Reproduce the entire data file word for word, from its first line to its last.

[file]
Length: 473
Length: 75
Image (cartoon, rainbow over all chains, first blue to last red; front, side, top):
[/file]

Length: 473
Length: 75
Image (cartoon, rainbow over all chains, first blue to last red; front, side, top):